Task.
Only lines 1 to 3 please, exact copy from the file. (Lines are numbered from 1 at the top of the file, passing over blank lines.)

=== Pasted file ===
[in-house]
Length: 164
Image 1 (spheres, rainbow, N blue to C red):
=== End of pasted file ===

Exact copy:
[in-house]
Length: 164
Image 1 (spheres, rainbow, N blue to C red):